2. Identify, Collect, and Categorize Your Content. First, identify which pieces of content will be included in the audit. Go beyond basic categories, such as whitepapers and webpages, and look at meta tags, images, captions, and even alt text. If this is your first time doing a content audit, you might want to start small and focus on a single type of content.

Next, collect all of the content pieces you’re going to audit. Then, categorize your content into groups. Remember, the end goal is to determine the value of each piece of content as it relates to your goals.

Pro Tip: Create a spreadsheet or some type of shared tracking document to inventory each content piece. You’ll be glad you did.

3. Audit Your Content. Time to audit! Go through each content piece and evaluate the efficacy of all components. For example, if you’re auditing an infographic, look at each data point. Is each one accurate? Look at the messaging. Does it align with your company’s branding? Does each graphic support the data and tell your story effectively? Is the overall content still relevant? If so, can it be used for additional marketing campaigns? If it’s not, does it need a refresh? Should it be retired from your website? These are just some of questions you could ask about one type of content piece. All of the questions and answers should be tracked in one place – not your head – so you don’t forget decisions made, so others can review them if necessary and so you can refer to them when you do your next audit. Remember, this is just the audit, not the action. Don’t try to fix each piece as you come across it.

4. Analyze Against Your Goals. Review all of the answers to the questions posed during the audit. Analyze them against the goals you set in step one. If a content piece was created as part of a marketing campaign, did it meet the goals of the campaign?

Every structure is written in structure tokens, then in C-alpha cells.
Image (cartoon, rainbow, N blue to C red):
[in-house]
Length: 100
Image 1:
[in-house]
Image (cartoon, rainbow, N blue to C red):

5. Create an Action Plan. Once you’ve taken a much-deserved break from your audit, it’s time to decide what to do with each piece. One way is to put each piece into a category: keep, reuse/refresh, or retire.

The keep pile means that the content piece met its goals and is still viable to your overall marketing strategy. (This can include evergreen content as well.)

The reuse/refresh pile is for those pieces that might have met their initial goals, but are in need of some tweaking. The overall content might be relevant, but maybe some data points need to be updated. Perhaps you rebranded since the piece was created and the piece needs a refresh to match your new branding and style guidelines.

The retire pile is for those pieces that didn’t meet their goals; met their goals, but are outdated and no longer useful; or a collective decision was made by your key stakeholders to remove the piece.

6. Define Steps for Future Audits. The first audit is always the hardest. Once you’ve complete one, you’ll have a better understand of your needs for a successful future audit. Debrief with your team after the audit to find out what worked and what didn’t. Then schedule your next one. We recommend performing a content audit twice a year. Depending on the size of your business, you might want to perform them quarterly or annually.


Turning Your Audit Into Action Items

After you’ve completed your content audit, you may decide you need new content to meet updated goals. Perhaps some of your content is still relevant but needs a refresh. We can help. Our SmartStudio content professionals are fully equipped for your B2B custom content needs.